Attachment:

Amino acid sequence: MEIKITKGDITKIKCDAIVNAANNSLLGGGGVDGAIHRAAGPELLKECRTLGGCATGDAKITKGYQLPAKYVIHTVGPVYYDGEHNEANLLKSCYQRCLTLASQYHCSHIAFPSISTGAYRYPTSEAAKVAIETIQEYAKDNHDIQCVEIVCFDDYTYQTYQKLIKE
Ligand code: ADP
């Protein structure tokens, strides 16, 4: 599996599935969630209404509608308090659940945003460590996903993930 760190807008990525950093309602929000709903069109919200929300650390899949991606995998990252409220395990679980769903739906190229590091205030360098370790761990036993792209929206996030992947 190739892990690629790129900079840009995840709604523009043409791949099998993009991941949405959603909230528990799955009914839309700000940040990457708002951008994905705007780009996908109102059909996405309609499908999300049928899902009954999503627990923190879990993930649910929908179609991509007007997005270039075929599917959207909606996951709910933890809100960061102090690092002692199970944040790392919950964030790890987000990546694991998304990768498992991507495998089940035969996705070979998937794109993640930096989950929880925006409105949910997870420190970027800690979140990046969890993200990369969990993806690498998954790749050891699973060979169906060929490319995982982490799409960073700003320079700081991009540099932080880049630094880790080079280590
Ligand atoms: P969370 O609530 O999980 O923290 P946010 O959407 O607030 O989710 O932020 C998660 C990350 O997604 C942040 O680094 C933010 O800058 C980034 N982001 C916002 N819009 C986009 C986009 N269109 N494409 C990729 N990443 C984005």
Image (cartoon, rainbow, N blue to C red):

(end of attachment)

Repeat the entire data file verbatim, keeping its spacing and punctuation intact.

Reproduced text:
Amino acid sequence: MEIKITKGDITKIKCDAIVNAANNSLLGGGGVDGAIHRAAGPELLKECRTLGGCATGDAKITKGYQLPAKYVIHTVGPVYYDGEHNEANLLKSCYQRCLTLASQYHCSHIAFPSISTGAYRYPTSEAAKVAIETIQEYAKDNHDIQCVEIVCFDDYTYQTYQKLIKE
Ligand code: ADP
């Protein structure tokens, strides 16, 4: 599996599935969630209404509608308090659940945003460590996903993930 760190807008990525950093309602929000709903069109919200929300650390899949991606995998990252409220395990679980769903739906190229590091205030360098370790761990036993792209929206996030992947 190739892990690629790129900079840009995840709604523009043409791949099998993009991941949405959603909230528990799955009914839309700000940040990457708002951008994905705007780009996908109102059909996405309609499908999300049928899902009954999503627990923190879990993930649910929908179609991509007007997005270039075929599917959207909606996951709910933890809100960061102090690092002692199970944040790392919950964030790890987000990546694991998304990768498992991507495998089940035969996705070979998937794109993640930096989950929880925006409105949910997870420190970027800690979140990046969890993200990369969990993806690498998954790749050891699973060979169906060929490319995982982490799409960073700003320079700081991009540099932080880049630094880790080079280590
Ligand atoms: P969370 O609530 O999980 O923290 P946010 O959407 O607030 O989710 O932020 C998660 C990350 O997604 C942040 O680094 C933010 O800058 C980034 N982001 C916002 N819009 C986009 C986009 N269109 N494409 C990729 N990443 C984005």
Image (cartoon, rainbow, N blue to C red):